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- by blueflyRN Jul 20, '10Hello i'm a new grad and i'm going to have an interview for a cardiac step-down unit. I love cardio and i cannot wait!! Can anyone give me advice on how i should prepare for this interview. what are general questions they might ask, what information/disease process is most common that i should prepare for?
What about for a telephone interview??
- Jul 20, '10 by HamsterRNMost of my interview questions were not specific to the Cardiac step-down unit. Most were the standard "What's your definition of caring", "What are your 5 year goals", "What's your favorite part of our Mission Vision and Values" etc.
There were a few questions about rhythms and unit specific knowledge. I did my preceptorship on that unit so the manager already had some confirmation of my unit specific knowledge, so If your prospective manager doesn't know you, then you may get more cardiac specific questions, but nurses are usually hired to these units with the knowledge that some orientation will be required.
- Jul 20, '10 by April, RNQuote from blueflyRNYou will most likely get the standard interview questions and they will probably ask about your clinical experiences. On a cardiac step-down unit, you will see lots of chest pain, heart failure, valve issues like stenosis and regurgitation, dysrhythmias, MIs, pacemakers/AICDs, anticoagulation, chest tubes, post-cardiac catheterizations. Some patients will have past medical histories of stents or open heart surgeries such as CABG or valve replacements... or might need those interventions in the near future. There tends to be frequent codes on cardiac step-down units. Of course, cardiac patients tend to have many co-morbidities as well such as diabetes, renal insufficiency, pulmonary issues like COPD, other vascular issues like PVD.Hello i'm a new grad and i'm going to have an interview for a cardiac step-down unit. I love cardio and i cannot wait!! Can anyone give me advice on how i should prepare for this interview. what are general questions they might ask, what information/disease process is most common that i should prepare for?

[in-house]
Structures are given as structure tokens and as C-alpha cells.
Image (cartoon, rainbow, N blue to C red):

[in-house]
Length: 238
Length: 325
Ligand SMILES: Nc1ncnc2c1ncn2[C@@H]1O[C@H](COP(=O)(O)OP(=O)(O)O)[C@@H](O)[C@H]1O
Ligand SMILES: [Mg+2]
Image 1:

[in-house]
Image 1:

What about for a telephone interview??
I'm not sure all that was helpful in preparing for an interview, but I do think cardiac step-down units can be great places for new grads to start as long as you have adequate support and training. The patients are more stable than ICU patients, but can quickly go south so you have to stay on your toes. Also, in some hospitals, step-down units can administer some IV meds that general care floors can't such as amiodarone drips, low dose dopamine, some even take stable vented patients.
Congrats on the interview and good luck!
- Jul 20, '10 by nurse441thank you nurses. thats some good advice!!
- Jul 21, '10 by gradRN2007basic interview questions, maybe how you deal with stress? have you ever had problems with coworkers/students and how did you deal with it.
you are a new grad and so was i, just a panel interview (5 people) short term long term goals..etc
love cardiac stepdown and best of luck to you
- Jul 28, '11 by i.am.a.nurseHello, blueflyRN. I know you posted your question a year ago but I am currently in your previous situation. I am a New Grad and I have an interview for a Surgical Step-down unit which includes vascular and cardiothoracic patients.